After the outlining of our purpose by Dr. Leslie, Dr. Nkrumah said that he would appoint a special committee to talk with the Mission. And accordingly, five officials named by the President met the Mission on Thursday. The Committee was headed by Mr. Tawia Adamafio, Minister of State for Presidential Affairs and included Nana Kobina Nketsia, Cultural Adviser to the Government, Sir Tsibu Darku, chairman of the Cocoa Marketing Board, Mr. M. F. Dei Anang Secretary-General, Ministry of Foreign Affairs and Mr. E. N. Okoh, Deputy Secretary to the Cabinet. The Committee enquired about the number of persons who desired to return to Africa and was informed that while they numbered "many thousands" there was no accurate information on this point. The matter of skills was discussed and delegates of the organizations represented on the Mission explained the many skills which were possessed by their members. It was pointed out as an example that the seven Jamaican delegates present included a mechanic-fitter (Mr. Mack), a shoemaker-farmer (Mr. Alveranga) a weaver (Mr. Planner), all three being Rastarafians, a potter (Mr. Blackwood, UNIA), a portworker (Mr. Gordon, Ethiopian World Federation Inc.) a chiropractor (Mr. Scarlett, Afro-West Indian Welfare League) and a dental surgeon (Dr. Douglas, Afro-Caribbean League). Delegates informed the Committee that like and other skills were possessed by most of their members and stressed that economic farming on small acreages was a way of life in the Jamaican rural community.
After further discussion, the Committee suggested that on our return a memorandum of the number and categoreis of people desirous of migrating to Ghana should be sent them as early as possible. Both peoples, Jamaicans and Ghanians, would have to be educated into understanding each other.
PART III Ghana was the first of the former British colonies to receive independence (1957) and is well on their economic drive. Going into operation this month is a plan to recruit every unemployed person who can read and write, to be trained as teachers. The official goal is full literacy within ten years. Ghana mines gold, manganese, diamonds, bauxite, but agriculture is the mainstay of its economy with cocoa far and away its most valuable crop. It is the most prosperous of African states, exceeded only by the Union of South Africa in income per-capita. Its wealth comes mostly from the Ghana -owned and Ghana-operated cocoa industry.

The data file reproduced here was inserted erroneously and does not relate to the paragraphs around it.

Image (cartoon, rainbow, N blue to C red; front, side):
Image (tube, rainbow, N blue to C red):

Only citizens of Ghana may own land in the country. Although its domostic food production is high, a large volume is imported. Farming , for internal consumption, is ripe for increase. There is enough land. Palm oil is an important crop. The Republic contains nearly 92,000 square miles people by seven millions. About two millions are of working age and last year registered unemployment was 7,000, or .05 per cent. Wages in Ghana are in the order of 15/- per day for artisans (carpenters, masons, & c.), 7/- for unskilled. Native food is inexpensive; European clothing about at Jamaica prices. In Ghana, as in all the countries visited, housing is still inadequate; but large housing schemes were also present in all countries, mostly in the urban areas.
President Nkrumah said that right now, Ghana could employ all the skilled seamen they could get for their increasing merchant fleet. There are twelve ships in Ghana's Black Star Line and President Nkrumah said that by next year, units of the Line would be visiting the West, Indies. The Mission had the honour of meeting the oldest chief in Ghana, Nii Amoo Nakwa II, who is 92 and travelled all the way from Kumasi to meet the Mission. The occasion was a cocktail party given by the Ghana government for the Mission.
A door to migrants was years ago left ajar in the constitution of Liberia. In 1955, a law was enacted to "authorize the President to make arrangementor for the care of immigrants to Liberia." President Tubman of Liberia, by whom the Mission was received in the presidential offices in Monrovia, reiterated that the policy was not changed. Liberia would welcome persons of African descent and of all skills " including agriculturists of all fields and type." Every encouragement is given to people who go into farming. The 1955 law is enriched by a provision granting the issuing of free lands to immigrants, plus three months free housing.